The collapse of the communist governments of Eastern Europe at the end of the last century shows that even in a totalitarian State, civil government breaks down at the point where tacit consent fails and ideology cannot fill the gap. This his has to be even more true in relatively free societies such as that of Britain. State action in a democracy depends on a general acceptance of its decision-making processes, even though not necessarily of all of the decisions themselves but at least of the method of making them.
In a free society with countless individuals and groups with conflicting opinions and interests… the “first task of any political system is to accommodate these differences so that people can live together in a single community without the systematic application of force’. In this context “differences are transcended by….(the) common acceptance of the legitimacy of (the) decision-making processes”. Yet, while “a majority is enough to authorise the State’s acts. It isn’t enough to make them legitimate.” majority rule is no more than a rule of decision. It does nothing to accommodate our differences, it simply restates them in numerical terms but no democracy can allow a bare majority to takes all of the political spoils in peril of unsustainable alienation and disaffection. And democracies have therefore evolved methods of limiting or diluting the power of majorities through representative politics and the law in particular.
While for the first time since ancient Athens it would be technically feasible to have the entire electorate vote on every measure in fact democracies operate through elected legislatures and they do this on the basis of a principle James Madison, the chief draftsman of the US Constitution, captured in saying, ‘it may well happen that the public voice pronounced by the representatives of the people will be more consonant to the public good than if pronounced by the people themselves.’ And further, in the words of Edmund Burke ‘Parliament, was not a congress of ambassadors. Its members were there to represent the national interest and not the opinions of their constituents.’ Professional politicians after all may be expected to bring a more reflective approach, a broader outlook and a lot more information than their electors to the task while I addition nations have collective interests that endure over a longer time and a wider geographical range than are likely to be reflected in public opinion at any one moment – upon which as David Hume observed there is apt to be an ‘incurable narrowness of soul that makes people prefer the immediate to the remote.’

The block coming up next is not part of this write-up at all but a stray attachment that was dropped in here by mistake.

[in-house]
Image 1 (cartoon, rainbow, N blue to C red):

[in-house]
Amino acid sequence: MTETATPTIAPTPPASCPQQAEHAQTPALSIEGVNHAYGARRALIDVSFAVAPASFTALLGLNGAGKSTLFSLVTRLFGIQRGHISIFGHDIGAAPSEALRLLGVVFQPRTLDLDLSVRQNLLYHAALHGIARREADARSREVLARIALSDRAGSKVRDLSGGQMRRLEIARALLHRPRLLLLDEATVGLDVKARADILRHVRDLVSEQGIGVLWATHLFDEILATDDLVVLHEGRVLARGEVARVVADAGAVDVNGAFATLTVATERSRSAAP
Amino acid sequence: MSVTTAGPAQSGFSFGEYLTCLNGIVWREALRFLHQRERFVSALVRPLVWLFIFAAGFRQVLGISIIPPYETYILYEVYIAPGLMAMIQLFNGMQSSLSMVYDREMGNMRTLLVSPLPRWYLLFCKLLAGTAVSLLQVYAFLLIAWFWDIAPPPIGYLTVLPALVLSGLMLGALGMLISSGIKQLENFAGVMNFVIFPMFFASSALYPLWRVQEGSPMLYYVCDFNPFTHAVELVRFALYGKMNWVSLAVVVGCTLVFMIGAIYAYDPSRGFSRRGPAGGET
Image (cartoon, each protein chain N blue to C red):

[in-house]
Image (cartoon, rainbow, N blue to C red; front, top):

The most effective way of accommodating the many differences among people has been through political parties which as coalitions of opinion, are united by a loose consistency of outlook and the desire to win elections. This they attempt to do by offering a slate of policies in their manifestos which, perhaps, only a minority would have chosen as their preferred option but which the broadest possible range of people can live with.